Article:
The entire Single Audit had to be submitted by March 31. State leaders knew in early March that they wouldn’t make that deadline, and the consolidated audit of all the colleges wasn’t submitted until March 6, Casey’s documents show.

Paul Hill, the chancellor of the HEPC, could not remember last week when the audit information had to be submitted to the Department of Administration.

“I don’t recall,” Hill said. “I think it was always, ‘Get it to us as quickly as possible.’ … We met the deadline well in advance.”

At the time, Hill said, the Consolidated Public Retirement Board held up the colleges submitting their audit information sooner. Colleges must incorporate information from the retirement board into their own audits before they submit their information.

“That was one of the holdups,” Hill said. “We received the [retirement board’s] numbers on Dec. 16, so a lot of our institutions were unable to complete their audit until then.”

But the retirement board’s final audited financial statements weren’t submitted to the Department of Administration until April 7, according to Casey’s document.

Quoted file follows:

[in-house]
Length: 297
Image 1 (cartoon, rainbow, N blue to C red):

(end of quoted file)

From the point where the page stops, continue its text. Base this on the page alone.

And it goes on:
Jamie Hardman, a spokeswoman for the retirement board, did not respond to multiple requests for comment. The retirement board is part of the Department of Administration.

Hill also would not comment for this report.

“At this time, we are deferring questions to the Governor’s Office as they continue their investigation into the problem,” said Jessica Kennedy, a spokeswoman for HEPC.

State officials knew last year that the federal education department would sanction the schools if they were late in submitting the audit again, documents obtained by the Gazette-Mail show.

The Governor’s Office is investigating to determine who’s to blame for the late submissions. Casey said he expects something to come from the investigation within 10 days.

“This is significant — not fixing it is significant for us,” Casey said. “We regret it’s here. We don’t own it, but we do. We inherited it, and now we’re going to fix it.”